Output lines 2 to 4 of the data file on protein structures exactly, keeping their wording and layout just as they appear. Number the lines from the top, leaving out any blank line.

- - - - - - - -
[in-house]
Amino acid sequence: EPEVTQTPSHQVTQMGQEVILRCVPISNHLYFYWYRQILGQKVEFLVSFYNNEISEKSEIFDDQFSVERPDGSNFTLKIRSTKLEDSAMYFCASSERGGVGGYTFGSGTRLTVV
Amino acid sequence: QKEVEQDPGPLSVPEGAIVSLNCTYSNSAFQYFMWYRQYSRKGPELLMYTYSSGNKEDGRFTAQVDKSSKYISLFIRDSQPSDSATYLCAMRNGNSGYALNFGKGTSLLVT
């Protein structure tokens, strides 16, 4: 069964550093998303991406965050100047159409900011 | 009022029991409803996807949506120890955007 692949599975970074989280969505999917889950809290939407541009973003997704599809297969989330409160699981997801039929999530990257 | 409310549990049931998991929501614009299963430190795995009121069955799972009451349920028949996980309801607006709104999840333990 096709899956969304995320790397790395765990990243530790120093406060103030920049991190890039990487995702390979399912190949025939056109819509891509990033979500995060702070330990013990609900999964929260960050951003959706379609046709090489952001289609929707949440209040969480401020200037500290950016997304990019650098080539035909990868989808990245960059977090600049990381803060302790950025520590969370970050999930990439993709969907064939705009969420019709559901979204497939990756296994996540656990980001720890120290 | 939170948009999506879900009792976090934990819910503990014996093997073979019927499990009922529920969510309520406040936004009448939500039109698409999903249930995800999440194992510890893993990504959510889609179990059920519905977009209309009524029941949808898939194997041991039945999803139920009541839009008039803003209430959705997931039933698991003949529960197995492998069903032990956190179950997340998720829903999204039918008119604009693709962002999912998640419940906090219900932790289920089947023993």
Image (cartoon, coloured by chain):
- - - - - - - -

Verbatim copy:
Amino acid sequence: EPEVTQTPSHQVTQMGQEVILRCVPISNHLYFYWYRQILGQKVEFLVSFYNNEISEKSEIFDDQFSVERPDGSNFTLKIRSTKLEDSAMYFCASSERGGVGGYTFGSGTRLTVV
Amino acid sequence: QKEVEQDPGPLSVPEGAIVSLNCTYSNSAFQYFMWYRQYSRKGPELLMYTYSSGNKEDGRFTAQVDKSSKYISLFIRDSQPSDSATYLCAMRNGNSGYALNFGKGTSLLVT
């Protein structure tokens, strides 16, 4: 069964550093998303991406965050100047159409900011 | 009022029991409803996807949506120890955007 692949599975970074989280969505999917889950809290939407541009973003997704599809297969989330409160699981997801039929999530990257 | 409310549990049931998991929501614009299963430190795995009121069955799972009451349920028949996980309801607006709104999840333990 096709899956969304995320790397790395765990990243530790120093406060103030920049991190890039990487995702390979399912190949025939056109819509891509990033979500995060702070330990013990609900999964929260960050951003959706379609046709090489952001289609929707949440209040969480401020200037500290950016997304990019650098080539035909990868989808990245960059977090600049990381803060302790950025520590969370970050999930990439993709969907064939705009969420019709559901979204497939990756296994996540656990980001720890120290 | 939170948009999506879900009792976090934990819910503990014996093997073979019927499990009922529920969510309520406040936004009448939500039109698409999903249930995800999440194992510890893993990504959510889609179990059920519905977009209309009524029941949808898939194997041991039945999803139920009541839009008039803003209430959705997931039933698991003949529960197995492998069903032990956190179950997340998720829903999204039918008119604009693709962002999912998640419940906090219900932790289920089947023993």